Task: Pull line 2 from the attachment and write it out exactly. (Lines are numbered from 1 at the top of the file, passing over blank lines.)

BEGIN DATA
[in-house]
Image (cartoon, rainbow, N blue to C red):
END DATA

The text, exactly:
Image (cartoon, rainbow, N blue to C red):